Parallel Programming with NVIDIA CUDA
Now, let's apply a second operation that detects local minima on the computed vector field. Local minima are those places where all vectors are converging (Figure 6). Flagging out the local minima will prevent the mobile robot from stopping in one of them with none of the vectors guiding it out.
Under the stream processing model, operators can be daisy-chained: a second operator consumes the output of a first operator, much like the pipe operator of an operating system. In the example CUDA implementation, you will consume the vector field matrix stored in GPU memory. Sequential local minima detection pseudo-code:
In Parameters: calculated vector field, a decimal threshold Out Parameters: a boolean matrix called "minima" detect_local_minima_cpu(in field, in threshold, out minima): for (y=0 to h): for (x=0 to w): minima[y][x] = (norm(field[y][x]) < threshold)? true : false return
The sequential algorithm takes the vector field as input and fills in a Boolean matrix of the same dimensions with values “true” or “false”, depending on whether the length is below a given threshold. Conversely, the matrix “minima” at position (x, y) indicates whether the norm of the vector located at (x, y) is less than the given threshold. Parallel local minima detection:
In Parameters: the calculated vector field, a decimal threshold Out Parameters: a boolean matrix called "minima" detect_local_minima_gpu(in field, in threshold, out minima): x = blockIdx.x * BLOCK_SIZE + threadIdx.x y = blockIdx.y * BLOCK_SIZE + threadIdx.y minima[y][x] = (norm(field[y][x]) < threshold) ? true : false
The output is a field of Boolean values that indicates whether a given point is a local minimum.
At this point, I have implemented four algorithms. You can, of course, download all the source code from our Web site for free and try them out yourself.
So, how does a CUDA algorithm stack up against its CPU equivalent? Next, I compare the parallel versions against their sequential counterparts in order to find out. The hardware used for the benchmark implementation includes:
Intel Core 2 Duo E6320, running at 1.6GHz with 4GB of RAM.
NVIDIA GeForce 8600GT GPU.
Ubuntu Linux 8.10.
CUDA version 2.2.
I implemented all four algorithms in one C++ program that can switch between the CPU and the CUDA versions of the algorithms dynamically. Not only does this make the benchmarking process easier, but it also is a good technique for developing programs that can fall back to the CPU on a computer where CUDA is not supported.
Each of the benchmarks uses different vector field configurations, increasing the size of the field as well as the number of repulsors. The number of attractors always is set to just one. The size of the vector fields are: 16x16, 32x32, 64x64, 128x128 and 256x256. The repulsors are randomly distributed on the field with a ratio of one repulsor per 32 vector field points. Hence, the number of repulsors is 8, 32, 128, 512, 2048 and 8192.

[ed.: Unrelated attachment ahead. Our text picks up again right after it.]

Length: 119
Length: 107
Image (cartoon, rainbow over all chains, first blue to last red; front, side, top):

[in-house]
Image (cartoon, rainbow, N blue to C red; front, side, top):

Figure 7 shows the results of the benchmarks. I am using the notation “WxH/R”, where WxH denotes the vector field's dimensions and R the number of repulsors present. The execution time is in milliseconds on a logarithmic scale (so a small difference in graph size is actually a much larger speedup than it appears to be visually).
How much faster is the GPU? The speedup is calculated by dividing the execution time of the sequential algorithm by the execution time of the parallel algorithm (Figure 8).
Computation times are the closest in the case of a small vector field. However, even in that case, we get a speedup of 2.5 times just by switching to the CUDA implementation of the vector field calculation. The local minima detection becomes interesting to parallelize only with slightly larger data sets that are more compute-intensive than smaller ones.
On average, the speedup is around eight times for our algorithms. In layman's terms, this means if you have a computation that takes one work day to complete, just by switching to CUDA, you can have your results in less than one hour.
This provides significant benefits for computations that require a user to run a computation several times while correcting the parameters each time. Such iterative processes are frequent, for instance, in financial models.
- Ubuntu MATE, Not Just a Whim
- Canonical Ltd.'s Ubuntu Core
- Build Your Own Raspberry Pi Camera
- Nasdaq Selects Drupal 8
- Non-Linux FOSS: Screenshotting for Fun and Profit!
- Secure Desktops with Qubes: Compartmentalization
- The Peculiar Case of Email in the Cloud
- A New Mental Model for Computers and Networks
- Polishing the wegrep Wrapper Script
- Netlist, Inc.'s HybriDIMM Storage Class Memory